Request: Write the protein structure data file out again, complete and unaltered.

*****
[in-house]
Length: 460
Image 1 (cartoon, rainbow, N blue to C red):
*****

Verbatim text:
[in-house]
Length: 460
Image 1 (cartoon, rainbow, N blue to C red):